This is how Nataraj and I came to meet one another. You can call it a “choreographic netramilan”! Both Nataraj and I had the same position for the arts and were on the same wavelength. He was eight years older than me and already a reputed music director who worked with the likes of Ram Gopal, U S Krishna Rao, Chandrabagha and Mrinalini Swaminathan (now Sarabhai). Nataraj’s Saraswathi Orchestra was South India’s first and largest oprchestra and it was created by him by bringing together all young vidwans of that time.
Natya Meets Saraswathi
Around 1947, Nataraj and I set up the Natya Saraswathi Dance and Music Centre. We chose the Natya Saraswathi figurine from the ancient temples of Belur as our logo. Dance was till not too popular with the respectable families and they would not readily send their daughters to learn the art. Even the tuition fee was small, parents were reluctant to let their children learn this art form. We managed to get a small space at the Canara Union where a lot of children from the Saraswat families joined the class. I was not interested in just teaching the regular ta thai thei tat combined with just the technique of Kathak; I was keen on understanding what would interest children. I therefore selected fairy tales to render them as ballets. Some of these were Charu Chanda based on the fairy tale of Hansel and Gretel and The Song of the Colours based on Taj Mohammad’s Persian poem of the same title.
Nataraj knew many renowned writers and musicians. He introduced T R Subbarao to us, known popularly as Ta. Ra. Su. who wrote the lyrics for our ballet. And another famous musician, Vidwan Mysore Subba Rao, scored the music. Back in mid-1949, we were all into small productions. We even presented children’s productions in Victory Hall (Bal Bhavan). Those days were hectic as I was simultaneously experimenting with choreography as well as studying.
Dancing with Maharaj
I must mention my debut with Maharajji, which was quite eventful. This was in 1955, at the National Film Seminar, with Devika Rani as the convener. It was attended by luminaries of Indian cinema like Raj Kapoor, Nargis and others. Shambu Maharajji was asked to perform for a twenty-minute slot. Nirmalaji thought if he danced alone he would take a lot of stage time, as his practice was to take the entire evening for a routine performance. Even when he won the Akademi award, all the awardees were given half hour slots to perform and a cautionary red light would blink five minutes before the finale but Maharajji ignored it completely and continued! Nirmalaji suggested that he perform a duet, Niratat Dhang, a composition by Maharaj Bindadin in which the salient features of Kathak are visualised in Krishna’s dance with the gopis. Maharajji very graciously offered to have me as his dance partner. I barely had two months of training!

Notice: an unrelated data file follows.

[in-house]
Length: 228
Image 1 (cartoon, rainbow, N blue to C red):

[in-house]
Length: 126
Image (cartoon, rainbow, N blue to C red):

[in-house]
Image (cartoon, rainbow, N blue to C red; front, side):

I was excited and nervous at the same time because our accompanying artists were all stalwarts in their own fields like the Dagar Brothers singing, Ustad Ishtiaq Ahmed Khan Saab plating the sarod, Ustad Ghulam Sabir the sarangi, Shanta Prasadji and Prem Vallabhji on the tabla and pakhawaj respectively. You can imagine my condition amidst all these big names! It was a wonderful opportunity but I was so scared. Maharajji said, “Tum ham ko dekho, ham tumko dekhenge, bhagwan ham donon ko dekhenge.” In this programme, we were performing a gat bhav on Indra Kop, a famous tale from Krishna Lila repertoire. We were portraying the story in gat bhav, where each of us was representing more than one character. Maharajji as Krishna was so involved in this that at one point when he started his tatkar, everyone from the audience cheered him saying “Wah! Wah!” So he promptly forgot his character and started performing virtuoso Kathak instead and would not stop! I did not know what to do. I took two paltas, exited and waited in the wings.
(Excerpted with permission from ‘Maya Rao – A Lifetime in Choreography’. Call 2334-8645 for details.)